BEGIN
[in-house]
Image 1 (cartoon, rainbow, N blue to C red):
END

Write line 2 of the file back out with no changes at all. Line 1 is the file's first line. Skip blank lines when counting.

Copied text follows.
Image 1 (cartoon, rainbow, N blue to C red):